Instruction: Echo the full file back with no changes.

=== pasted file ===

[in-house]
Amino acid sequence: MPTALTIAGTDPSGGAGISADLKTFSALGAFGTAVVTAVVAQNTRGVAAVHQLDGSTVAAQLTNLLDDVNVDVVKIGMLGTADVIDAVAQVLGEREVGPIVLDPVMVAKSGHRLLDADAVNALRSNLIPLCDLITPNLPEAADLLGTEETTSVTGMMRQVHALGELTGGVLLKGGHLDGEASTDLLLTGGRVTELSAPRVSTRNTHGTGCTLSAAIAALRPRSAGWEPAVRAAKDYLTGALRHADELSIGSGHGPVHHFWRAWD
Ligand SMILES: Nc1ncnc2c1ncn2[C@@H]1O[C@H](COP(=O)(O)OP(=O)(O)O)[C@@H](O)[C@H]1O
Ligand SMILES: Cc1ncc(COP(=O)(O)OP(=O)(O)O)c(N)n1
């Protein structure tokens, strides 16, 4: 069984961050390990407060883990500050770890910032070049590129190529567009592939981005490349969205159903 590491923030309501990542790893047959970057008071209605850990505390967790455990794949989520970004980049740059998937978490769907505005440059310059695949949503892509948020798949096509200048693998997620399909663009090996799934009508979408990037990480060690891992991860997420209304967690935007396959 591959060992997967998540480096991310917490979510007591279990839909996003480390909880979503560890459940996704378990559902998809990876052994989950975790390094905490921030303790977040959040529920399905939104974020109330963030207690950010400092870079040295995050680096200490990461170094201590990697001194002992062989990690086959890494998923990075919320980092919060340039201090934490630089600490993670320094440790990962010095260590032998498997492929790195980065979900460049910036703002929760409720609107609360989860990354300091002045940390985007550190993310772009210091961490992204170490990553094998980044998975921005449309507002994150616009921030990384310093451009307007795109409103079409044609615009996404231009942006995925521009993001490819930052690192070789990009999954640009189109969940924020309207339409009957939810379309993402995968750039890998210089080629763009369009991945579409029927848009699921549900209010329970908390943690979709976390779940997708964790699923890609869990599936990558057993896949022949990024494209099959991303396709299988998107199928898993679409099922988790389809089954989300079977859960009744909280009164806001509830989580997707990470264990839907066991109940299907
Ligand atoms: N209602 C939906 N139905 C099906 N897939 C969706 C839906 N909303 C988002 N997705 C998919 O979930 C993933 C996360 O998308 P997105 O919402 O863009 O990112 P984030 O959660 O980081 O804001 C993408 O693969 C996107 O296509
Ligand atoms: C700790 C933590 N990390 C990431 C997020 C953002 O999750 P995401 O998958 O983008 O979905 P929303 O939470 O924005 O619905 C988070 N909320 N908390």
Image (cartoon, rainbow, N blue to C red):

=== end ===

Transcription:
[in-house]
Amino acid sequence: MPTALTIAGTDPSGGAGISADLKTFSALGAFGTAVVTAVVAQNTRGVAAVHQLDGSTVAAQLTNLLDDVNVDVVKIGMLGTADVIDAVAQVLGEREVGPIVLDPVMVAKSGHRLLDADAVNALRSNLIPLCDLITPNLPEAADLLGTEETTSVTGMMRQVHALGELTGGVLLKGGHLDGEASTDLLLTGGRVTELSAPRVSTRNTHGTGCTLSAAIAALRPRSAGWEPAVRAAKDYLTGALRHADELSIGSGHGPVHHFWRAWD
Ligand SMILES: Nc1ncnc2c1ncn2[C@@H]1O[C@H](COP(=O)(O)OP(=O)(O)O)[C@@H](O)[C@H]1O
Ligand SMILES: Cc1ncc(COP(=O)(O)OP(=O)(O)O)c(N)n1
């Protein structure tokens, strides 16, 4: 069984961050390990407060883990500050770890910032070049590129190529567009592939981005490349969205159903 590491923030309501990542790893047959970057008071209605850990505390967790455990794949989520970004980049740059998937978490769907505005440059310059695949949503892509948020798949096509200048693998997620399909663009090996799934009508979408990037990480060690891992991860997420209304967690935007396959 591959060992997967998540480096991310917490979510007591279990839909996003480390909880979503560890459940996704378990559902998809990876052994989950975790390094905490921030303790977040959040529920399905939104974020109330963030207690950010400092870079040295995050680096200490990461170094201590990697001194002992062989990690086959890494998923990075919320980092919060340039201090934490630089600490993670320094440790990962010095260590032998498997492929790195980065979900460049910036703002929760409720609107609360989860990354300091002045940390985007550190993310772009210091961490992204170490990553094998980044998975921005449309507002994150616009921030990384310093451009307007795109409103079409044609615009996404231009942006995925521009993001490819930052690192070789990009999954640009189109969940924020309207339409009957939810379309993402995968750039890998210089080629763009369009991945579409029927848009699921549900209010329970908390943690979709976390779940997708964790699923890609869990599936990558057993896949022949990024494209099959991303396709299988998107199928898993679409099922988790389809089954989300079977859960009744909280009164806001509830989580997707990470264990839907066991109940299907
Ligand atoms: N209602 C939906 N139905 C099906 N897939 C969706 C839906 N909303 C988002 N997705 C998919 O979930 C993933 C996360 O998308 P997105 O919402 O863009 O990112 P984030 O959660 O980081 O804001 C993408 O693969 C996107 O296509
Ligand atoms: C700790 C933590 N990390 C990431 C997020 C953002 O999750 P995401 O998958 O983008 O979905 P929303 O939470 O924005 O619905 C988070 N909320 N908390």
Image (cartoon, rainbow, N blue to C red):